LABOUR under Keir Starmer have become the political version of Britney Spears’s song Oops! I did it again. The singer takes the role of someone toying with another's affections, making them believe that there is far more to the relationship than there really is. Keir Starmer does exactly the same, although the thought of him gyrating like Spears is a deeply disturbing image that no amount of mind bleach is going to purge.

Starmer toyed with the British public, making them believe that he stands for social democracy, the rights of ordinary workers, and for that large part of the population which knows that Brexit is an irredeemable act of political and economic self-harm.

Yet the closer to the next General Election that he gets, the moreS tarmer reveals himself to be a right-wing, Brexit-backing, English nationalist corporatist, very much in the mould of the Conservative party – before it went insane.

The National: Labour leader Keir Starmer appearing in Rutherglen on Tuesday

Starmer has left a litany of U-turns in his wake, all of which have taken his party even further to the political right. He has refused to scrap the abhorrent two-child cap on benefits, which has been described as a mechanism for manufacturing child poverty. He has ditched his promise to renationalise major utility and public transport companies, and watered down previous commitments to the transition to a zero-carbon economy to the point where Labour is now offering what is essentially a homeopathic remedy to climate change.

Starmer has refused to reverse the draconian and authoritarian laws introduced by the Tories which criminalise peaceful protest, and has essentially abandoned any pretence that he'd do anything to tackle the undemocratic monstrosity which is the House of Lords.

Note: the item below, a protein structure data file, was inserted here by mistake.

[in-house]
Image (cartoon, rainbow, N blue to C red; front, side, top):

Now, Labour has signalled that it intends to row back on its previous commitment to introduce new measures to protect workers in the so-called gig economy. The move comes as Labour attempts to forestall Conservative attacks which claim that Starmer's party is "anti-business". It speaks volumes about the priorities of the Labour Party that it believes it is better to be thought of as anti-worker than anti-business.

READ MORE: Anas Sarwar branded a 'f****** disgrace' in row over gender reforms U-turn

Although Labour insists that it still intends to ban zero-hour contracts, last month the party's policy forum changed the wording of Labour's pledges on workers' rights to suggest there may be more flexibility in its approach. As Gordon Brown imperiously told us when complaints were raised about the dismal failure of his infamous Vow to deliver on its commitments, we should have read the small print.

Labour had previously been planning to create a single "worker" status for all but those who are genuinely self-employed, which would ensure the same rights for everyone regardless of sector, wage or type of contract.

Now however Labour is saying that it will "consult" on this policy after entering government in order to create a "simpler framework" which would differentiate between workers and the genuinely self-employed while still allowing people to "benefit from flexible working where they choose to do so”. This is, of course, predicated on the fantasy that those desperate to make a living have the same bargaining power as unscrupulous employers.